Horse Racing
Blizzard’s demeanour and Yiu’s record raise optimism on Sprinters Stakes eve

By David Morgan in Tokyo
30/09/2017 12:18

Ricky Yiu admitted he is “optimistic” about Blizzard’s ability to scoop Sunday’s G1 Sprinters Stakes (1200m) after watching his charge work sweetly at Nakayama Racecourse this morning (Saturday, 30 September).

Blizzard stretches his legs at Nakayama Racecourse ahead of the Sprinters Stakes on Sunday.
Blizzard stretches his legs at Nakayama Racecourse ahead of the Sprinters Stakes on Sunday.

“He looks very happy, he looks better than when I saw him a couple of days ago. He was moving well this morning,” the trainer said, with the big race one day away.

The gelding broke into a canter as he entered the dirt track’s backstretch with the sun rising over his left flank, quickened his gait on the home turn and maintained a fluid medium pace up the steepest home straight in Japan.

“I’m happy – he’s very relaxed now that he’s got to know the place,” Yiu added.

The handler is eyeing a second victory in Japan’s big autumn sprint, one of only two G1 speed tests in the JRA calendar. Yiu carried the prize back to Sha Tin in 2010 when Ultra Fantasy led all the way to win under Alex Lai.

“Blizzard’s younger than Ultra Fantasy was and, ability-wise, he’s a better quality horse than Ultra Fantasy,” Yiu said.

The figures back that assertion. Ultra Fantasy carved a niche as a solid Class 1 and 2 galloper before a late career flourish took his Hong Kong domestic rating to 121 ahead of the Sprinters Stakes. Blizzard, on the other hand, went through Hong Kong’s Four-Year-Old Classic Series in 2016, running close skirmishes with subsequent Horse of the Year Werther: he continued to mix it with Hong Kong’s stars last term. The Starcraft gelding will go to post with a local rating two points higher than Ultra Fantasy’s pre-Sprinters Stakes mark.

Blizzard heads in off a one-race prep. The six-year-old hauled top-weight of 133lb to a fine second first-up in the Class 1 HKSAR Chief Executive’s Cup Handicap (1200m) on 3 September. Ahead of him was Seasons Bloom, tipped to be a top miler this term and in receipt of 16lb.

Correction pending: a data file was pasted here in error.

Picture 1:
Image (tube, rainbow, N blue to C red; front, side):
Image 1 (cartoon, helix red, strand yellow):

Blizzard ran a gallant second on his seasonal reappearance in the Class 1 HKSAR Chief Executive’s Cup earlier this month.

“This race, I think, is coming at the right time,” Yiu said. “He’s really matured and he has a better temperament than Ultra Fantasy, too. He’s been very easy to deal with.”

Tomorrow afternoon, Frenchman Gerald Mosse will be tasked with plotting a route to success from gate 12 of 16. Yiu is hoping horse and rider can achieve a sharp break and cross to a comfortable forward spot.

“A jockey like Mosse will overcome a situation from the draw,” Yiu said. “Breaking from 12 will put us more forward than we thought but actually he’ll have plenty of room from the outside, rather than inside where he might get stuck on the rail. It could help him – give him space to accelerate from the top of the straight.

And if Mosse finds that his lower-drawn rivals are vying to snag a lead at the break, Yiu does not expect the experienced pilot will engage in a scrap.

“He’ll still move forward – hopefully, if that happens, he’ll jump, then come across and travel midfield somewhere,” the trainer said.

Yiu is aiming to maintain a 100% win strike rate in Japan, Ultra Fantasy being his only previous starter in the country. But the trainer has plenty of experience travelling horses abroad – and winning, too. Not counting a handful of runners in Macau, Yiu’s nine overseas starters so far have notched four wins, the others being Sacred Kingdom in Singapore’s KrisFlyer International Sprint (2009), and in Dubai, Dynamic Blitz’s Al Shindagha Sprint (2011) and Amber Sky’s bullet triumph in the Al Quoz Sprint (2014).

Sunday’s rivals include last year’s winner Red Falx, returning fresh from a summer break after a good third when stretched to a mile in the G1 Yasuda Kinen in June.

G1 winner Big Arthur endured a blocked run when 12th as favourite in last year’s edition and will make his first start since December’s G1 LONGINES Hong Kong Sprint (1200m). He was expected to return in the G2 Centaur Stakes at Hanshin on 1 September but a hoof problem put paid to that.

The horse that won the Centaur Stakes, the four-year-old Fine Needle, did so in a manner that suggests he might be on a trajectory to the very top. He will break from gate 13.

Others of note include this year’s G1 Takamatsunomiya Kinen (1200m) victor Seiun Kosei, and Let’s Go Donki, second in that March sprint and a classic winner in her younger days.

The Hong Kong Jockey Club will simulcast Sunday’s Sprinters Stakes, scheduled to jump at 2.40pm Hong Kong time, during the 10-race Sha Tin card.